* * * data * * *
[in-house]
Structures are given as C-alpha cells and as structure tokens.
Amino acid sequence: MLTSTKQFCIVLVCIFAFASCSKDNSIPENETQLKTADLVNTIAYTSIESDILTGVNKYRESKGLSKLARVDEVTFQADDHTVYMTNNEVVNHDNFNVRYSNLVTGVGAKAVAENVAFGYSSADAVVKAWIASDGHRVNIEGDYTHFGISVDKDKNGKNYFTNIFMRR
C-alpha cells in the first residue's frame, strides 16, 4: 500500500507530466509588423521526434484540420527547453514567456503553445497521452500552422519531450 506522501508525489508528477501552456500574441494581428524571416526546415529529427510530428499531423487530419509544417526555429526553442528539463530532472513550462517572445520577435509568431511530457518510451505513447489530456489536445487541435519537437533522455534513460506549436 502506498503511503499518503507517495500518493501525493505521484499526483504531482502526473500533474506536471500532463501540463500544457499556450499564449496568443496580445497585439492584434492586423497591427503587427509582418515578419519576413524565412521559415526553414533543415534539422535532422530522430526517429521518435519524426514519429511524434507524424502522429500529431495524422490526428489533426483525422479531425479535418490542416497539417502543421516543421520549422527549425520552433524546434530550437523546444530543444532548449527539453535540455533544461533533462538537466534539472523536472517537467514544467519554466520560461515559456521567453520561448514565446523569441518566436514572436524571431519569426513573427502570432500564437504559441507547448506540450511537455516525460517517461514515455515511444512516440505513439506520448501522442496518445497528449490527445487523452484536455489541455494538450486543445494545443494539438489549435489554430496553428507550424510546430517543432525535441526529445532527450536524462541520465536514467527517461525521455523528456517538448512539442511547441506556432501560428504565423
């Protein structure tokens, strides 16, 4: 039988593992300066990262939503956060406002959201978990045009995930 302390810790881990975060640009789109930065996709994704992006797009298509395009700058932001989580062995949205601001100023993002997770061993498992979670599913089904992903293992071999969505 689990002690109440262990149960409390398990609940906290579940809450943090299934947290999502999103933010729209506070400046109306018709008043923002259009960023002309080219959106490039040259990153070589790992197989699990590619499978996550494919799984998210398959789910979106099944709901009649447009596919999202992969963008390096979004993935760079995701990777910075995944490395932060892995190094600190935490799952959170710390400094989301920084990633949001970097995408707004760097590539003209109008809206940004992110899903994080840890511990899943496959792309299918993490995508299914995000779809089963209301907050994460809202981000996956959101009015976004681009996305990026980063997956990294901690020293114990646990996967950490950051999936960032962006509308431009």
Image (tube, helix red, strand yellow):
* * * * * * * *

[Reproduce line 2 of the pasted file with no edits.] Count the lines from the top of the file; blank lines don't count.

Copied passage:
Structures are given as C-alpha cells and as structure tokens.